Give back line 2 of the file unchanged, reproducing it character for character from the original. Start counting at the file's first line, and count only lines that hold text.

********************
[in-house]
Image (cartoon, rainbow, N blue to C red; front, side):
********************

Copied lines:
Image (cartoon, rainbow, N blue to C red; front, side):